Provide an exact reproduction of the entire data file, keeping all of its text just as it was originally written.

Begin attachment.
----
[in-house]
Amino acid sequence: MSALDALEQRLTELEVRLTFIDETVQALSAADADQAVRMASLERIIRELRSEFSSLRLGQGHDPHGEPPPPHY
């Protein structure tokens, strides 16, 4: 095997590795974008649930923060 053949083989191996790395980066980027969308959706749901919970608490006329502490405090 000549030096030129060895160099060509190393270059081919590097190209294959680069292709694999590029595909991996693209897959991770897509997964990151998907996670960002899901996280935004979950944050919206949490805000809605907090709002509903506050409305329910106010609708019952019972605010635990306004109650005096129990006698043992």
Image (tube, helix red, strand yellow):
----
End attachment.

[in-house]
Amino acid sequence: MSALDALEQRLTELEVRLTFIDETVQALSAADADQAVRMASLERIIRELRSEFSSLRLGQGHDPHGEPPPPHY
């Protein structure tokens, strides 16, 4: 095997590795974008649930923060 053949083989191996790395980066980027969308959706749901919970608490006329502490405090 000549030096030129060895160099060509190393270059081919590097190209294959680069292709694999590029595909991996693209897959991770897509997964990151998907996670960002899901996280935004979950944050919206949490805000809605907090709002509903506050409305329910106010609708019952019972605010635990306004109650005096129990006698043992």
Image (tube, helix red, strand yellow):